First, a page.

“Coach Troy” is a name that is synonymous with triathlon & cycling coaching around the world. I suspect that there are few out there who have not had the ‘pleasure’ of training with Troy through his highly successful Spinervals series of cycling workouts.
Troy Jacobson has been coaching endurance athletes since 1992. Since that time he is widely recognised as having revolutionised the sport especially through his highly successful online coaching program.
Troy’s own triathlon career has been stellar and he continues to prove that age is no barrier to success.
Troy’s Ironman run PR stands at 2:59:55 which he set in 2010 at the age of 41 (in the process breaking his PR which he set a whooping 10 years earlier).
In 2011, at the age of 42 Troy finished 3rd overall in the inaugural Leadman Tri EPIC 250 – which consisted of a 3.1 mile (5km) swim, 139mile (223km) bike & 14.1mile (22km) run – in the (smokin’) time of 10:33.
And if that wasn’t enough, Troy finished the Ironman World Championships in Kona this year in a time of 9:22. At the age of 42, his time was only 3 minutes slower than when he did the race as a 22 year old back in 1991!
Welcome Coach Troy to SPARTA!
1/. What is the biggest challenge to your motivation & how do you overcome that?
My biggest challenge is squeezing time in to train when work is busy. I find myself consumed by my work at times and find it hard to justify heading out on a bike or a run. I have learned over the many years of doing this that most work issues are not urgent and will be waiting for you to complete when you can.
2/. Aside from training for the 3 disciplines, what other training do you incorporate into your own training program (eg, strength, stretching, core etc) & how important is it to your performance as a masters athlete?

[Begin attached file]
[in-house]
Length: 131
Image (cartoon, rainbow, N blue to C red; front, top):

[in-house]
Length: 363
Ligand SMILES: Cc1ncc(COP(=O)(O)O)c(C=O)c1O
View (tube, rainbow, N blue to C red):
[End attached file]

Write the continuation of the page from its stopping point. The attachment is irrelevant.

I do resistance training (strength work) primarily with bands and bodyweight 3-4 times per week. My routine is short and very intense. I am trying to get better at incorporating more flexibility training too… but that’s a work in progress!
3/. What recovery & regeneration techniques do you use in your own training regime?
I sometimes use compression wear. During higher volume training in particular, I’ll drink protein smoothies more regularly. And since my knees always achy and sore, I ice when necessary.
4/. Who is the person (or people) who have had the most influence on your sporting success?
I have a few people I consider my triathlon mentors. David Petrie, a professor of Exercise Physiology, taught me the science of training in the late 1980’s. Then, when I attended West Chester University (Pennsylvania), I lived near Ken Glah and Jeff Devlin, two of the top triathletes in the world at the time. They were kind enough to allow me to train with them and pick their brains and much of my philosophy today is based on what I learned from them over 20 yrs ago.
5/. If you weren’t a triathlon coach, what would you do & why?
I believe I would be involved in coaching team sports, in particular football. I was a team sport athlete prior to becoming a triathlete and loved the training, the team dynamic, the intensity and game day. I recently had the good fortune of partnering on a new series of Spinervals cycling videos with NFL Football legend, Ray Lewis of the Baltimore Ravens. The experience was awesome and it took me back to my athletic roots.
6/. If you could go back in time & give one piece of advice to yourself when you were 18, what advice would that be?
Focus on technique development at an early stage of training more, especially with the swim! I started swimming at the age of 18 , had no guidance/coaching and developed horrible technique that persisted throughout my entire triathlon career. For example, my best Kona swim was around 58 minutes… and I always felt that if I could have exited with the stronger guys (around 53-55 min.), I could have moved up into that next ‘tier’ of racing. Developing proper and efficient technique is so important!
Thanks for your time Troy!